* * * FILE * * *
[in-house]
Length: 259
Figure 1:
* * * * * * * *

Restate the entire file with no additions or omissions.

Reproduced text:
[in-house]
Length: 259
Figure 1: